10 Reasons Atlanta Hawks' Joe Johnson Is Not a Superstar
As the NBA playoffs march on, we draw closer and closer to the ultimate prize: the NBA Finals. By now, we clearly know which teams are contenders and which teams are pretenders.
The playoffs have shown many squads' true colors and overall depth. With the Atlanta Hawks down 0-3 in their series against the Magic, a lot of questions are raised about the third seed in the Eastern Conference.
However, the most pressing question lies with Atlanta's star guard Joe Johnson, and his ability to lead the Hawks.
With his team on the verge of getting swept, it's time to examine 10 reasons why Joe Johnson is not a superstar.
Joe Johnson Cannot Lead a Team On His Own
Joe Johnson is a very good player, and has emerged as one of the league's top scorers. However, he cannot lead a team by himself.
Johnson needs help from his supporting cast for the Hawks to succeed. While he is a leader, Johnson can't carry the team on his back night in and night out. Mike Bibby and Josh Smith, among others, are often called on to guide the team when Johnson struggles to do so.
Johnson couldn't carry a bottom feeder, like the Knicks or Nets, to the playoffs.
LeBron James or Kobe Bryant could at least lead the team to a top eight seed.
Joe Johnson Doesn't Have Superstar Numbers
Johnson is a very talented scorer, with excellent shooting touch and solid driving skills.
However, he doesn't have superstar numbers.
Johnson averaged 21.3 points, five assists, 4.6 rebounds and 1.1 steals per game this season.
His numbers, while good, are not "superstar-esqe." Johnson didn't crack the top 10 in any major statistical category and his scoring numbers fell well behind superstars such as James, Bryant, Wade and Kevin Durant.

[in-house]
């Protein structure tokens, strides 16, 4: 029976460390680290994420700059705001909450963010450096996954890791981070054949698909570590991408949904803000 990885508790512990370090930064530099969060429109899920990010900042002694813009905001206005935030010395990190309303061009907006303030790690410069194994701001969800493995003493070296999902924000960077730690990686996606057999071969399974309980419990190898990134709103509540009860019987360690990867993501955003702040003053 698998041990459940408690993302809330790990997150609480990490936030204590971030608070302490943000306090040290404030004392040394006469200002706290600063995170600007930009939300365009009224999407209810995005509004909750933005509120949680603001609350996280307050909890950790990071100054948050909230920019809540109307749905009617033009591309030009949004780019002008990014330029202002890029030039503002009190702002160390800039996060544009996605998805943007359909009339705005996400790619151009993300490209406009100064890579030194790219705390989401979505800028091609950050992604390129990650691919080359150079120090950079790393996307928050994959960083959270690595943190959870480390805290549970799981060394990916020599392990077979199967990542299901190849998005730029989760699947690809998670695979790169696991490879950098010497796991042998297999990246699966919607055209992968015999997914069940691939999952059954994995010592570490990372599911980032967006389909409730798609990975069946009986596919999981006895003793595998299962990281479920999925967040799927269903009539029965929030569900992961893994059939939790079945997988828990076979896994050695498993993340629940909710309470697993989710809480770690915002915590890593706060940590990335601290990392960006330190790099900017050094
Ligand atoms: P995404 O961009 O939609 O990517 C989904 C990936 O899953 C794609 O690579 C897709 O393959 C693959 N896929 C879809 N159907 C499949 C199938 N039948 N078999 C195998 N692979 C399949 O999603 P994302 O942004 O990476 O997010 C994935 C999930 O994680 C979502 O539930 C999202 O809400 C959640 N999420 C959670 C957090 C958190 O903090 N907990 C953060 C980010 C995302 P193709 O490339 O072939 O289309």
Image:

His statistics are above average, but they certainly don't fall in the superstar category.
Joe Johnson's Playoff Performance Lacks Superstar Status
The playoffs are a time when true superstars shine. They will their teams to victory with pure talent and a superior mentality.
Even if their opponent is a better team, they find a way to get their team the playoff W.
Johnson is averaging a rather pedestrian 18.3 points per game in this year's postseason. Even those numbers are inflated, thanks to Atlanta's seven games series with the Bucks.
Against the Magic, Johnson is averaging a mere 12.3 points per game. A superstar never drops below 20 points per game, especially in a crucial second round series.
LeBron is averaging 30.8 PPG in the playoffs, Wade posted 33.2 PPG in his first round series defeat and Kobe is averaging 26.3 PPG. The statistical disparity between Johnson and the real superstars is quite apparent.
Johnson simply isn't getting it done when it counts most.
The Hawks Are About to Get Swept
The Hawks are on the verge of getting swept in their best-of-seven series with the Magic. While some point to Atlanta's inferior roster, the fact is Joe Johnson can't effectively be the presence the Hawks need to prevent a sweep.
Take Dwyane Wade, for example. His Miami Heat were over-matched and lacked the depth to beat the Celtics. Boston is the better team, but Wade still managed to rise from an 0-3 defect and deliver his team at least one victory. And he did it in emphatic fashion, pouring in 46 points (30 in the second half.
Wade showed true superstar nature, which Johnson lacks.
Johnson can't dominate and take his team out of the dumps. He can't go off for 30 points in a half to save his team's season.
If Joe Johnson were a superstar, Atlanta, with the roster they have, would not be in an 0-3 hole.
They certainly would have no problem winning at least one game.
A Joe Johnson Led Team Has Never Made it Past the Second Round
While you could make a case that several superstar caliber players haven't made it past the second round, like Chris Paul and Tracy McGrady, "superstars" are still expected to make deep postseason runs.
Johnson has been a captain in four of his five season with the Hawks. During that time, Atlanta has reached the postseason on three occassions.
And they've failed to make it to the Conference Finals every time.
Johnson has a very good supporting cast, with the depth to make into the East Finals. However, Orlando is completely dominating the Hawks, wasting away all that Atlanta accomplished this season.
If Johnson was a true superstar, he would force his team to make a stronger stand.